All of this assumes that the owner of a page actually wants it to be included in the results of a search engine's activities. Many times, the page's owner doesn't want it showing up on a major search engine, or doesn't want the activity of a spider accessing the page. Consider, for example, a game that builds new, active pages each time sections of the page are displayed or new links are followed. If a Web spider accesses one of these pages, and begins following all of the links for new pages, the game could mistake the activity for a high-speed human player and spin out of control. To avoid situations like this, the robot exclusion protocol was developed. This protocol, implemented in the meta-tag section at the beginning of a Web page, tells a spider to leave the page alone -- to neither index the words on the page nor try to follow its links.
Building the Index
Once the spiders have completed the task of finding information on Web pages, the search engine must store the information in a way that makes it useful. There are two key components involved in making the gathered data accessible to users:
The information stored with the data
The method by which the information is indexed
In the simplest case, a search engine could just store the word and the URL where it was found. In reality, this would make for an engine of limited use, since there would be no way of telling whether the word was used in an important or a trivial way on the page, whether the word was used once or many times or whether the page contained links to other pages containing the word. In other words, there would be no way of building the ranking list that tries to present the most useful pages at the top of the list of search results.
To make for more useful results, most search engines store more than just the word and URL. An engine might store the number of times that the word appears on a page. The engine might assign a weight to each entry, with increasing values assigned to words as they appear near the top of the document, in sub-headings, in links, in the meta tags or in the title of the page. Each commercial search engine has a different formula for assigning weight to the words in its index. This is one of the reasons that a search for the same word on different search engines will produce different lists, with the pages presented in different orders.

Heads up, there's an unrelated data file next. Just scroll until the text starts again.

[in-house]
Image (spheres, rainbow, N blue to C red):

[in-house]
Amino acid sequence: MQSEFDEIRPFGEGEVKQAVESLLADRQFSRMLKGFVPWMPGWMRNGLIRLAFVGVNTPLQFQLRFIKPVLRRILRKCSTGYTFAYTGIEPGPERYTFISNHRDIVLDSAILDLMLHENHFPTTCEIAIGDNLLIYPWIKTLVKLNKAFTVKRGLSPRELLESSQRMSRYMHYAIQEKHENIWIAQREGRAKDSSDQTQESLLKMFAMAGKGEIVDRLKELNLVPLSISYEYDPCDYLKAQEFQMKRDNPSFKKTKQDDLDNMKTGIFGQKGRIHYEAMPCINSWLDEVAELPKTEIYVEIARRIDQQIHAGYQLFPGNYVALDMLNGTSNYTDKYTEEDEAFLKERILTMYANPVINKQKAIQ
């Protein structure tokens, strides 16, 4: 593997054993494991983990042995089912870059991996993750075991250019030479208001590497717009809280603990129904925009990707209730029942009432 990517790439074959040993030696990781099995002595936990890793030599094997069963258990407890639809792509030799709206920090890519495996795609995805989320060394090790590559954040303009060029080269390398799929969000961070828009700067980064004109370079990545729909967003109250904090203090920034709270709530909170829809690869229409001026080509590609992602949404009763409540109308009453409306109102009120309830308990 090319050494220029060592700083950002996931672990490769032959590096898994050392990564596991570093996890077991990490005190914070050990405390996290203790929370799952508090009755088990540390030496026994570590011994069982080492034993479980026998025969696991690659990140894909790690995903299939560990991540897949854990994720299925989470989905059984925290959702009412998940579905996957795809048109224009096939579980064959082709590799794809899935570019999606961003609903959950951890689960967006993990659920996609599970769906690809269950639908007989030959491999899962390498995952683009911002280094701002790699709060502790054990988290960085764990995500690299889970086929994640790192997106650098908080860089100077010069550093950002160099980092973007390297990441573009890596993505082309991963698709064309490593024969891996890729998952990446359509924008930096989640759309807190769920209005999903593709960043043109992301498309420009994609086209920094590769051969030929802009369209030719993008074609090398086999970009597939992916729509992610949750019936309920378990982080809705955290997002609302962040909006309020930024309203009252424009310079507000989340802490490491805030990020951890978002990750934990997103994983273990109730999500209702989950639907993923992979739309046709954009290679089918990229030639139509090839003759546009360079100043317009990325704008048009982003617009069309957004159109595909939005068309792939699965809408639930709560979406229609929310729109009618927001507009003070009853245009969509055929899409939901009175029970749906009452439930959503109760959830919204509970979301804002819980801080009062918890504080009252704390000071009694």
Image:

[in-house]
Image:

Regardless of the precise combination of additional pieces of information stored by a search engine, the data will be encoded to save storage space. For example, the original Google paper describes using 2 bytes, of 8 bits each, to store information on weighting -- whether the word was capitalized, its font size, position, and other information to help in ranking the hit. Each factor might take up 2 or 3 bits within the 2-byte grouping (8 bits = 1 byte). As a result, a great deal of information can be stored in a very compact form. After the information is compacted, it's ready for indexing.
An index has a single purpose: It allows information to be found as quickly as possible. There are quite a few ways for an index to be built, but one of the most effective ways is to build a hash table. In hashing, a formula is applied to attach a numerical value to each word. The formula is designed to evenly distribute the entries across a predetermined number of divisions. This numerical distribution is different from the distribution of words across the alphabet, and that is the key to a hash table's effectiveness.
In English, there are some letters that begin many words, while others begin fewer. You'll find, for example, that the "M" section of the dictionary is much thicker than the "X" section. This inequity means that finding a word beginning with a very "popular" letter could take much longer than finding a word that begins with a less popular one. Hashing evens out the difference, and reduces the average time it takes to find an entry. It also separates the index from the actual entry. The hash table contains the hashed number along with a pointer to the actual data, which can be sorted in whichever way allows it to be stored most efficiently. The combination of efficient indexing and effective storage makes it possible to get results quickly, even when the user creates a complicated search.